Time and the Bell

for Piano and Chamber Ensemble

Gerald Levinson

Performing Ensemble: Piano with Orchestra
Duration: 28:00
Publisher: Merion Music, Inc.
Print Status: Rental

Quick Overview

"Time and the Bell?" was written for pianist Marcantonio Barone and Orchestra 2001, James Freeman, director, and was commissioned by Meet the Composer for Orchestra 2001, the Syracuse Society for New Music, and the Los Angeles Philharmonic New Music Group. All three ensembles are performing the work during the 1998-99 season.

The title alludes to a line from T.S.Eliot?s "Four Quartets", and evokes something of both the sound world and the musical/poetic preoccupations of the work. Bell sounds, reverberations, echoes, and resonances of all kinds are omnipresent throughout all six movements. I have always felt, even before my studies of Balinese gamelan, that the complex overtones of resonating metallic sonorities contain a kind of magical power, a sense of mystery, of immense spans of time and space. In this work the piano generally acts as a generator of bell-like motifs and sonorities which are amplified by the resounding percussion, while the string and wind instruments offer complimentary lyrical and rhythmic ideas and counterpoints.

The element of time, always fundamental to music, is treated here in somewhat unusual ways. In much of the music, particularly the four inner movements, rhythmic layers are superimposed which are in themselves cyclic and static, but which interact with one another, and at times with the harmonic or melodic materials, in constantly changing relationships. The texture of the music is constantly underpinned by canonic imitations, sometimes at different speeds, and overlapping, echoing, or ?shadowing? statements of ideas.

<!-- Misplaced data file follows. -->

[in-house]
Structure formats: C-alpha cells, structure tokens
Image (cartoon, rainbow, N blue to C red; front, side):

The first movement, ?Mosaic,? is a study in fragmentation and discontinuity, as various bell-motifs and other ideas are crosscut in ever-varying juxtapositions ? until a temple bell sound, suddenly stilling the activity and moving the music into a rapt meditative (and gamelan-like) state, much a bell sounds in a monastery as a call to contemplation.

?Ostinato,? the second movement, is a set of accumulating variations on a rhythmic theme presented first by the temple blocks, over an independent (and isorhythmic) line of bell chords in the piano. ?Evening? is a piece of tone painting, evoking a quiet moment at dusk when bells from two towers are heard sounding the hour, slightly out of phase with one another, while birds call back and forth in their own rhythms and tempi.

The fourth movement is a fleet perpetual motion in dizzyingly changing meters, at high velocity. ?Ragamalika,? or ?garland of ragas? refers to a virtuoso practice in Indian classical music in which the soloist whirls through a series of different ragas, or melodic modes, before returning to the principal raga of the piece. This movement continually darts in and out of various inter-related ragas, some authentically Indian, some of my own invention.

In the fifth movement, ?Night,? a melody for English horn (marked ?musingly?) threads its way through a densely layered polyrhythmic background in the piano, chimes, and strings, with occasional comments from bass clarinet and flute. This piece is an homage to Charles Ives, by way of his ?In the Night? from the "Set for Theater Orchestra".

The final ?Incantation? combines elements from most of the preceding movements with its own characteristic ?calling? motif in the piano, including superimpositions of fragments of the perpetual motion movement onto the gamelan-like episode from the first movement. Toward the end the temple bell once again summons the music to move inward, to close in a meditative, chant-like state.

Additional Information

Commission Commissioned by Orchestra 2001 of Philadelphia, the Syracuse Society for New Music, and the Los Angeles Philharmonic New Music Group through the Meet the Composer / Commissioning Music USA Program.
Composition Date 1998
Orchestration Solo Pno.; 1(dbl. A.Fl.) 1(dbl. E.H.) 1(dbl. B.Cl.) 0 - 0 0 0 0; 1-2Perc. Vln. Vcl. Vla.
Premiere November 15, and 16, 1998 - Swarthmore and Philadelphia, PAOrchestra 2001James Freeman, conductorMarcantonio Barone, pianist


I. Mosaic
II. Ostinato
III. Evening
IV. Ragamalika
V. Night
VI. Incantation

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